“We’ve got to work on a strategy, and we have, on how we’re going to deal with it, because we’ve got a bunch of young guys and they’re still growing and they’re good but they’re getting better. We want to be competitive and we want to be a playoff team.”
Melnyk understands you can’t move seven Canadian teams to the United States.
“The fact is I may not like it but that’s concession we have to do,” Melnyk said. “Nobody wins here. There’s no winner out of this pandemic. It’s one of the things we’d have to give up. You’re going to have to give up attendance, to at least the early games … From a hockey point of view, it’s exciting.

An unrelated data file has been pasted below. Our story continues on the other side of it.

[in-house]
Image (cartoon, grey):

“We’re going to be playing a lot of Montreal, Toronto and Winnipeg plus the other Canadian teams and that’s fine. It’s just from a hockey point of view, it’s a tough, tough, tough division. We don’t get to play the weaker teams. They’re all good. It’s good for Canada and maybe this is the year a Canadian team gets there and wins.”
The Senators have made a lot of changes and he wants to see his team take the ice.
“Gary and everybody are so focused on getting (a deal) done (to start the season),” Melnyk added. “You need everybody to step up and there’s stakeholders out there who aren’t being as co-operative as they need to be. I don’t know exactly who they are and he’s dealing with them.”
With a commitment from Melnyk to help this team improve, general manager Pierre Dorion, chief scout Trent Mann, head coach D.J. Smith and other members of the hockey operations department have spent the off-season putting the pieces in place to help the Senators compete.